Cinnamon Mueller Client Updates


FCC Adopts Voluntary EAS Code for Blue Alerts

On December 14, 2017, the FCC released a Report and Order adopting a new voluntary Emergency Alert System (“EAS”) event code – “BLU” – to enable the delivery of Blue Alerts.  The Blue Alert code will cover emergency information related to a law enforcement officer who is missing, seriously injured, or killed in the line of duty, or when there is an imminent credible threat to an officer.

Background.  EAS is a nationwide emergency alert program that broadcasters, MVPDs and other service providers (collectively, “EAS Participants”) must take part in.  EAS Participants must provide communications capability to the President to address the nation in national emergencies.  On a state and local level, however, EAS may be implemented on a voluntary basis to transmit local or state emergency information, such as severe weather warnings, Amber Alerts and now Blue Alerts.  The FCC, in conjunction with FEMA and the National Weather Service, implement EAS at the federal level.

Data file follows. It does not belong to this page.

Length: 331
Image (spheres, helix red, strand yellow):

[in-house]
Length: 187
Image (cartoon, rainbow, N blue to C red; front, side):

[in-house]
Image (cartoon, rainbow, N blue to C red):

New Blue Alert Code.  EAS equipment manufacturers will have 12 months from the date the Order is published in the Federal Register to make the BLU code available to EAS Participants.  As with other state and local level alerts, EAS participants will be permitted to implement the code on a voluntary basis.  It is expected that the BLU event code will be implemented either through the purchase of new or upgraded EAS equipment that can utilize the BLU code or through a software update. 

The FCC noted that all EAS Participants should be able to add the BLU event code once manufacturers release software updates because all EAS participants should have equipment in place that is capable of being updated to accommodate EAS modifications.  The FCC further encouraged EAS stakeholders to work together to implement Blue Alerts swiftly in light of the important public safety objectives involved.

If you have further questions about the EAS system or EAS requirements for cable operators, please contact Scott Friedman at or (312) 580-8557.